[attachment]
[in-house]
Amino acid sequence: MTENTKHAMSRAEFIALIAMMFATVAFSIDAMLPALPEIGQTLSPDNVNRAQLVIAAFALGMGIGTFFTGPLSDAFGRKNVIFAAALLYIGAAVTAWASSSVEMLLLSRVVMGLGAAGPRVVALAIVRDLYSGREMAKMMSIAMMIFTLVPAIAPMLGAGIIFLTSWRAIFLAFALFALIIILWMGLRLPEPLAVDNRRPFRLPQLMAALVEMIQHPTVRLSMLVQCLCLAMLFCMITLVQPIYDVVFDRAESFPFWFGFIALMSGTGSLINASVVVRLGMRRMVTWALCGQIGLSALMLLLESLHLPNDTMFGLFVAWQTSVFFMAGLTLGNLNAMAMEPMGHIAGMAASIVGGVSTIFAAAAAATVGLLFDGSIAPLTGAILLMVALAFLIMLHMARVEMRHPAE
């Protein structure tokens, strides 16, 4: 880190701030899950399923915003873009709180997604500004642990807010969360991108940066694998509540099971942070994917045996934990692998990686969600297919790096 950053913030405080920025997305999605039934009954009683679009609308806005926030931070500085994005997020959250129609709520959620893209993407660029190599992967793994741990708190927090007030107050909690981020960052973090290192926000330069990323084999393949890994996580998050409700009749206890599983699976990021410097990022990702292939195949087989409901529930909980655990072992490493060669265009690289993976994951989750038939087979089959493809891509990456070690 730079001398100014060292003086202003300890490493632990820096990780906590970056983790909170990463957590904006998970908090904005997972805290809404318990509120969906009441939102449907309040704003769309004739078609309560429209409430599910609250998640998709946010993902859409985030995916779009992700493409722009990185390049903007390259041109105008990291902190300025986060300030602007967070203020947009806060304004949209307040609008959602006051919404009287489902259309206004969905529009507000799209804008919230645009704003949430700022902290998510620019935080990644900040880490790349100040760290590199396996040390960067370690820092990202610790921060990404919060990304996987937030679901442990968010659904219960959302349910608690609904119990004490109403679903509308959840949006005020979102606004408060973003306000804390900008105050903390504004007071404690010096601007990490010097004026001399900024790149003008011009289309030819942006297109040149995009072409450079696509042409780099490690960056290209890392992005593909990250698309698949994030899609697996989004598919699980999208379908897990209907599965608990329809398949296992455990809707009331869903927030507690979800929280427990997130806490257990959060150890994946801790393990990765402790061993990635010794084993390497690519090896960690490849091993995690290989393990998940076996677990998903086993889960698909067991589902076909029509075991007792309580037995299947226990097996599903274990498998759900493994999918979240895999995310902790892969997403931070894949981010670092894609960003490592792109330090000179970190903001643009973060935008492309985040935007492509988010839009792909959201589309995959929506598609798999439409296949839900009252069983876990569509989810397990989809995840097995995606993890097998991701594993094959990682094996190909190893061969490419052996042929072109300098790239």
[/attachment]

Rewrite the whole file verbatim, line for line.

[in-house]
Amino acid sequence: MTENTKHAMSRAEFIALIAMMFATVAFSIDAMLPALPEIGQTLSPDNVNRAQLVIAAFALGMGIGTFFTGPLSDAFGRKNVIFAAALLYIGAAVTAWASSSVEMLLLSRVVMGLGAAGPRVVALAIVRDLYSGREMAKMMSIAMMIFTLVPAIAPMLGAGIIFLTSWRAIFLAFALFALIIILWMGLRLPEPLAVDNRRPFRLPQLMAALVEMIQHPTVRLSMLVQCLCLAMLFCMITLVQPIYDVVFDRAESFPFWFGFIALMSGTGSLINASVVVRLGMRRMVTWALCGQIGLSALMLLLESLHLPNDTMFGLFVAWQTSVFFMAGLTLGNLNAMAMEPMGHIAGMAASIVGGVSTIFAAAAAATVGLLFDGSIAPLTGAILLMVALAFLIMLHMARVEMRHPAE
């Protein structure tokens, strides 16, 4: 880190701030899950399923915003873009709180997604500004642990807010969360991108940066694998509540099971942070994917045996934990692998990686969600297919790096 950053913030405080920025997305999605039934009954009683679009609308806005926030931070500085994005997020959250129609709520959620893209993407660029190599992967793994741990708190927090007030107050909690981020960052973090290192926000330069990323084999393949890994996580998050409700009749206890599983699976990021410097990022990702292939195949087989409901529930909980655990072992490493060669265009690289993976994951989750038939087979089959493809891509990456070690 730079001398100014060292003086202003300890490493632990820096990780906590970056983790909170990463957590904006998970908090904005997972805290809404318990509120969906009441939102449907309040704003769309004739078609309560429209409430599910609250998640998709946010993902859409985030995916779009992700493409722009990185390049903007390259041109105008990291902190300025986060300030602007967070203020947009806060304004949209307040609008959602006051919404009287489902259309206004969905529009507000799209804008919230645009704003949430700022902290998510620019935080990644900040880490790349100040760290590199396996040390960067370690820092990202610790921060990404919060990304996987937030679901442990968010659904219960959302349910608690609904119990004490109403679903509308959840949006005020979102606004408060973003306000804390900008105050903390504004007071404690010096601007990490010097004026001399900024790149003008011009289309030819942006297109040149995009072409450079696509042409780099490690960056290209890392992005593909990250698309698949994030899609697996989004598919699980999208379908897990209907599965608990329809398949296992455990809707009331869903927030507690979800929280427990997130806490257990959060150890994946801790393990990765402790061993990635010794084993390497690519090896960690490849091993995690290989393990998940076996677990998903086993889960698909067991589902076909029509075991007792309580037995299947226990097996599903274990498998759900493994999918979240895999995310902790892969997403931070894949981010670092894609960003490592792109330090000179970190903001643009973060935008492309985040935007492509988010839009792909959201589309995959929506598609798999439409296949839900009252069983876990569509989810397990989809995840097995995606993890097998991701594993094959990682094996190909190893061969490419052996042929072109300098790239």